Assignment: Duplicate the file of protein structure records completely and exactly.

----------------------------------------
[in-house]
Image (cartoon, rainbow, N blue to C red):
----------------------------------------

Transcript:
[in-house]
Image (cartoon, rainbow, N blue to C red):